Category Archives: Green
On a Sunday in early August, about 20 volunteers milled around the UC Gill Tract Community Farm, plucking weeds, harvesting tomatoes and weighing buckets brimming with leafy kale.
“What are we supposed to do with aphids again?” said Vivek Nath, a first-time volunteer, as he bent over to pick broccolini.
“They’re the little green bugs, you take off the pieces with a lot of them,” replied fellow volunteer Allen Barth. “Chickens like to eat ‘em.”
A collaborative project between UC Berkeley and the public, the UC Gill Tract Community Farm is a year-and-a-half old urban farm that has sprouted up on land embroiled in years-long controversy. Open six days a week, people can harvest organic produce in exchange for help weeding, watering or planting. On Sundays, volunteers set up a farm stand where all the food is free or offered for a donation. … Continue reading »
An estimated 50-75 people took part in a staged protest today at a eucalyptus grove on the UC Berkeley campus, many of them stripping naked in doing so, to make clear their opposition to a proposed FEMA-funded tree-clearing program in the East Bay hills.
The event was orchestrated by the Tree Spirit Project whose mission is “to raise awareness of the critical role trees play in our lives, both globally and personally.” Jack Gescheidt, who founded the project, does this partly by taking fine-art photographs of people, often naked, communing with trees and nature.
The Federal Emergency Management Agency in March allocated $5.7 million to the California Office of Emergency Services to remove eucalyptus trees as part of fire hazard abatement in Claremont Canyon — scene of a devastating wildfire in 1991 — and other nearby areas, such as Tilden Park and Sibley Volcanic Regional Preserve. The funds will be distributed to UC Berkeley, the city of Oakland, and the East Bay Regional Parks District (EBRPD). … Continue reading »
Berkeley Mayor Tom Bates has announced a city-wide water-conservation challenge with the chance for Berkeley residents to win “fame, appreciation, and a free lunch,” the latter with him and his wife, State Senator Loni Hancock.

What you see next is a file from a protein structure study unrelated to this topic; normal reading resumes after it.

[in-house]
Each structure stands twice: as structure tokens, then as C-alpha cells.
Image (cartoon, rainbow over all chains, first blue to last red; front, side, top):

Bates and Hancock issued the “Bates-Hancock Water Conservation Challenge,” on June 29. The contest pits Berkeleyan against Berkeleyan in a race to see who can reduce their water usage the most in a 2-month billing cycle.
Mayor Bates and Hancock disclosed their own personal water bill which demonstrated that they have reduced their water usage by 68.1% year-on-year in the latest billing period (April 10-June 9) — which equates to 37 gallons per day on average in comparison with 116 gallons in 2013. … Continue reading »
A herd of grass-munching goats swarmed across Cyclotron Road in the Berkeley Hills last week on the way to another plant-clearing mission below Blackberry Gate.
The goats are part of Berkeley Lab’s vegetation management plan to trim abundant grasslands and reduce fire hazards.
Read more about animals in Berkeley.
Berkeley Lab posted a video of the goats on the move to its Facebook page on June 12. The video was shot by Lab employee David Stein (while he was apparently listening to KQED radio!). It proved so popular that it has been viewed more than 2 million times on Facebook since then, helped no doubt by the fact that Berkeleyside reposted it to its Facebook page, and it was then picked up by other media, including NBC, CNN and the Huffington Post. (Watch the video below the fold.) … Continue reading »
Reader Eric Cotts recently shared the photo above with us. It was taken on June 1, and shows a large number of goats on a hill near the Berkeley Lab. It inspired us to send our photo intern Melati Citrawireja to capture more images of the animals everyone seems to adore (see them below the fold).